Divestment is back
The government expects to raise Rs 40,000 crore by selling shares in public sector units (PSUs) in 2010-11, signalling a big-bang return of the politically sensitive disinvestment programme. See graphicsbusiness Updated: Feb 27, 2010 02:43 IST
The government expects to raise Rs 40,000 crore by selling shares in public sector units (PSUs) in 2010-11, signalling a big-bang return of the politically sensitive disinvestment programme.
It will also simplify foreign direct investment (FDI) norms to attract more foreign companies to invest in India.
Presenting the Budget for 2010-11 in the Lok Sabha on Friday, Finance Minister Pranab Mukherjee said: “Through this (disinvestments) process, I propose to raise a higher amount during the year 2010-11.”
Mukherjee hopes to raise about Rs 15,000 crore more than what the government expects this year. The proceeds will be utilised to create assets under various social sector schemes.
Since the UPA government came to office for the second term this May, two public sector companies — NHPC and Oil India — have listed on the bourses, while two others, NTPC and Rural Electrification Corporation (REC), have concluded follow-on public offers.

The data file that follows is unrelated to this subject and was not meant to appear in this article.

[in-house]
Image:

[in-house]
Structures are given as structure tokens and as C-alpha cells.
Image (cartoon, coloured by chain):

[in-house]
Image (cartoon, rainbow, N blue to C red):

In November, the government had decided that the public should hold at least 10 per cent shares in all listed profitable government-owned companies.
There are 10 listed public sector units where public shareholding is less than 10 per cent. They include companies such as NMDC and Neyveli Lignite.
The government has also decided that all unlisted PSUs that have made profit in the past three years and have a positive net worth (assets greater than liabilities) should be listed on stock exchanges. About 50 companies qualify for disinvestment under these criteria.
Mukherjee also said the government would simplify the FDI regime to make it easily comprehensible to foreign investors.
“The government intends to make the FDI policy user-friendly by consolidating all prior regulations and guidelines into one comprehensive document. This would enhance clarity and predictability of our FDI policy to foreign investors,” he said.
The government has already launched a draft note consolidating the plethora of rules and norms governing foreign investment in the country under one comprehensive policy document. The move is aimed at making available all information on FDI policy at one place.
The country received FDI inflows of $20.9 (about Rs 1 lakh crore) during April to December 2009, a touch lower than $21 billion received during the comparable period last year.
“Increase in FDI flows shows India’s attractiveness as an investment destination. Now it is time for us to simplify the procedures,” said Amit Mitra, secretary general of industry body (Ficci).